By Evie Andreou
A premature baby who died in the neonatal intensive care unit at the Makarios Hospital in Nicosia was a carrier of the acinetobacter bacteria that has also infected several other infants, the health ministry said in an announcement on Monday.
The ministry, which said that the condition of the other infected infants is stable, did not specify whether the bacterial infection was the actual cause of death.
According to the announcement, the baby, which was born at 25 weeks, had been in the ICU since birth and was supported by a ventilator because it was suffering from respiratory distress syndrome. At 12 days old, the baby’s condition deteriorated. Its haemoglobin levels fell and it went into a circulatory failure (shock). Around 12 hours later it died.
“The baby died 12 hours after the start of the deterioration of its condition and pending further laboratory results and blood cultures, despite the efforts of doctors and the multifaceted treatment it received,” the announcement said.
The lab tests indicated that the baby was carrying acinetobacter. The bacterial infection was detected after the baby’s death since it required 48 hours for the completion of the lab tests.
In total, four newborns have been infected with the bacteria and have been confined in a separate area and given the required treatment.
“The condition of the newborn babies is stable and there is no cause for concern,” the ministry said.
The announcement said that all measures have been taken to contain the bacteria and containment measures were immediately taken by the medical staff.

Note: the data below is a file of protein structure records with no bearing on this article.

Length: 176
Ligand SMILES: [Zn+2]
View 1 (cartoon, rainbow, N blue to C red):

All new admissions to the ICU are being treated in a separate area, the announcement said.
The head of the ICU, Christina Karaoli was quoted by state broadcaster CyBC as saying that very premature babies are susceptible to bacterial infections. She added that these babies are high risk, whether they suffer an infection or not.
Acinetobacter infections are uncommon and occur almost exclusively in hospitalised patients. It is especially prevalent in intensive care units.
The most vulnerable are patients who are on a ventilator, incubated and in those who have multiple intravenous lines or monitoring devices. It is often cultured from hospitalised patients’ sputum or respiratory secretions, wounds and urine. In a hospital setting, acinetobacter commonly colonises irrigating solutions and intravenous solutions.
Several acinetobacter species can cause life-threatening infections. Such species also exhibit a relatively broad degree of antibiotic resistance.
It poses very little risk to healthy people, but people who have weakened immune systems are more susceptible to the bacteria, which cause a variety of conditions, ranging from pneumonia to serious blood infections.
According to studies, acinetobacter infections are not uncommon in preterm ICUs and there are reports of infant deaths in other countries.
Both the health ministry and the hospital are closely monitoring the situation, the announcement said.